Without question, Audi has been one of the most aggressive electric vehicle automakers in the industry over the past couple of years. Since, 2018, Audi has introduced, the e-tron SUV, the e-tron Sportback, sportier “S” variants of both, the e-tron GT, the Q4 e-tron, Q4 e-tron Sportback, and the all-new A6 e-tron Concept. Audi has developed more new EVs in the past couple of years than Tesla has developed in its entire existence. Audi is hurrying to put out more and more EVs, simply because that’s where it sees the market heading.
According Audi CEO Markus Duesmann, electric vehicles will make up half of the automotive market by 2030. In fact, Duesmann sees such a massive shift in the demand for electric vehicles that, as long as the infrastructure can support it, he doesn’t see a reason why any customer would want internal combustion if electric vehicles are available.
“From a technical point of view, it makes no sense to have both drivetrains on board,” Duesmann said during a recent speed at the Vienna Engine Symposium. “We can see no reason why future customers should not choose a battery-electric vehicle once the right infrastructure is in place.”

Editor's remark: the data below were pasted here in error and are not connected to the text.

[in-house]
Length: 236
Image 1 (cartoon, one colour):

And customers will certainly have a lion’s share of Audi EVs to choose from, instead of their internal combustion counterparts. In addition to the large suite of aforementioned EVs, Audi is also developing a new electric SUV — the Audi Q6 e-tron — which will be built on the same PPE (Premium Platform Electric) architecture as the upcoming A6 e-tron and Porsche Macan Electric.
Once the charging infrastructure advances to a point in which the majority of customers can viably own electric vehicles, Audi will have enough of them on sale for its customers to have no technical reason to choose internal combustion instead. If customers choose piston-engines over electric motors at that point, they will be emotional purchases and not logical ones.